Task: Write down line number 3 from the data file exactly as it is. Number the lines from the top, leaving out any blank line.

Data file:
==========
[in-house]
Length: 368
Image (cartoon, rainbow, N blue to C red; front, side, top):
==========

Image (cartoon, rainbow, N blue to C red; front, side, top):